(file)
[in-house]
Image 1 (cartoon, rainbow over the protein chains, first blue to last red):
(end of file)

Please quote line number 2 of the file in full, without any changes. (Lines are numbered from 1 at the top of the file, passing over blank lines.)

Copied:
Image 1 (cartoon, rainbow over the protein chains, first blue to last red):